Resources for Rare Disease Day
On February 28, 2014, the National Institutes of Health observed the seventh annual Rare Disease Day, with a day-long celebration and recognition of the various rare diseases research activities supported by the NIH Office of Rare Diseases Research (ORDR); the NIH Clinical Center; other NIH Institutes and Centers; the Food and Drug Administration’s Office of Orphan Product Development; other Federal Government agencies; the National Organization for Rare Disorders (NORD); and the Genetic Alliance. Rare Disease Day was established to raise awareness with the public about rare diseases, the challenges encountered by those affected, the importance of research to develop diagnostics and treatments, and the impact of these diseases on patients’ lives.
There are nearly 7,000 rare diseases identified in the United States. A disease is considered rare if it affects fewer than 200,000 Americans. Collectively, rare diseases affect approximately 30 million Americans. About 80% of rare diseases are genetic in origin and it is estimated that about half of all rare diseases affect children. Rare diseases can be chronic, progressive, debilitating, disabling, severe, and life threatening. The conference provided insight into the latest research and sequencing programs, such as the National Institute of Child Health and Human Development (NICHD) and the National Human Genome Research Institute (NHGRI)’s Newborn Sequencing Program for genome and exome sequencing to expand and improve newborn health care, and the National Cancer Institute (NCI)’s development of therapies for neurofibromatosis type 1 related tumors.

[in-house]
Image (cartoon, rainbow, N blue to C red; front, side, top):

For medical librarians and patients alike, obtaining quality information on rare diseases can be especially challenging. Luckily, the Genetic and Rare Diseases Information Center (GARD), a joint project of the NIH Office of Rare Diseases Research (ORDR) and the NIH National Human Genome Research Institute (NHGRI), provides a centralized location for information about genetic and rare diseases, in English and Spanish. Each disease has been reviewed by GARD Information Specialists and often includes links to disease-specific resources, information on genetic testing and services, relevant scientific conferences, support organizations, research studies and clinical trials, and FDA-approved medications. In addition, GARD Information Specialists are available online, by phone, or in-person to assist with specific questions.
The National Library of Medicine (NLM) has also worked to improve access to information about rare diseases. MeSH has integrated the disease vocabulary of NIH Office of Rare Diseases and Research (ORDR), Online Mendelian Inheritance in Man (OMIM), and Genetic Home Reference (GHR), allowing easier access to published literature about rare and genetic diseases in databases like PubMed. ClinicalTrials.gov, due to requirements for study registration and results submission, has also become a large repository for technical and/or unpublished research data. One of NLM’s newer resources, Genetics Testing Registry, provides information on over 13,000 genetic tests. From the voluntary submission of genetic test information by providers, the test records include purpose, methodology, validity, evidence of the test’s usefulness, and laboratory contacts and credentials.
Representatives from NORD (National Organization for Rare Disorders) and the Genetic Alliance also reminded attendees about the importance of communities and support groups for patients of rare disease and their families. RareConnect, a collaboration of EURORDIS (European Rare Disease Organisation) and NORD, is an online safe space where individuals and families affected by rare diseases can connect with each other, share experiences, and find helpful information and resources. Rare Disease Day gives us the opportunity to raise awareness of rare diseases and to inspire the continued growth of the awareness of rare diseases. The 6.5-hour archived video of the event is available on the NIH VideoCast website.